The spectrum of clinical manifestations associated with VLCAD deficiency, including life-threatening episodes of hypoketotic hypoglycemia and potentially fatal cardiac abnormalities, have long compelled rigorous investigations of the structure and function of VLCAD and its modes of regulation. We recently reported that the mitochondrial matrix isoform of MCL-1 (MCL-1Matrix), which resides at the inner mitochondrial membrane, directly interacts with VLCAD37. The results of photoaffinity labeling and HDX MS analyses were consistent with a helix-in-groove mode of interaction between the MCL-1 BH3 domain and a surface groove of VLCAD comprised of the α-helical domain 2, which lies proximal to the binding sites for the FAD cofactor and acyl-CoA substrate. Selective elevation of long-chain fatty acylcarnitines was observed upon deletion of the MCL-1Matrix isoform in cultured fibroblasts and in Mcl-1-deleted murine livers37, consistent with deregulated long-chain fatty acid oxidative flux. SIRT3 and SIRT5 have also been shown to regulate mitochondrial FAO by respectively deacetylating and desuccinylating key lysine residues involved in (1) stabilizing the essential FAD cofactor in the VLCAD active site and (2) regulating VLCAD interaction with mitochondrial membrane cardiolipin25. Strikingly, acetylation or succinylation of K442, K452, and K467—residues that otherwise confer positive charge to the proposed juxtamembrane region of the VLCAD C-terminus—abrogates mitochondrial membrane binding. SIRT3 deacetylation (K467) or SIRT5 desuccinylation (K442, K452, and K467) restores cardiolipin interaction. These data are consistent with the contribution of circumferential positive charge to α-helical hydrophobic surfaces in effectively engaging the negatively-charged inner mitochondrial membrane. Thus, disrupting the architecture or biophysical features of the putative membrane-binding α-helical hairpin of VLCAD, whether by the helix-breaking proline mutagenesis observed in patients or regulatory lysine acylation, causes functional impairment of VLCAD due to a consequential intraorganellar mislocalization.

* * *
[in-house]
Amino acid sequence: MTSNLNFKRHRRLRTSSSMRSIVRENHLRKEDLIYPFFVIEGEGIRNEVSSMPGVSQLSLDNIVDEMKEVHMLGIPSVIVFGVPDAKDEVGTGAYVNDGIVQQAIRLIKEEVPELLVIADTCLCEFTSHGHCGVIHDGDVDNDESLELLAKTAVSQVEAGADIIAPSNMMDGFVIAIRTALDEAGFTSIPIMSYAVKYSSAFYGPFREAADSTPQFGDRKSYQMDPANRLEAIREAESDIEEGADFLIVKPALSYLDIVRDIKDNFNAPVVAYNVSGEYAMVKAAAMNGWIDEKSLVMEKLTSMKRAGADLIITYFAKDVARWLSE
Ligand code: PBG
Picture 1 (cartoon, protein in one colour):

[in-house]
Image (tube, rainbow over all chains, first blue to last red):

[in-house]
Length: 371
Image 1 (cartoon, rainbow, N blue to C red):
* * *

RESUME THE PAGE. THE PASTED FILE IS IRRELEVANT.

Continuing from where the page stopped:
Recombinant VLCAD expression and purification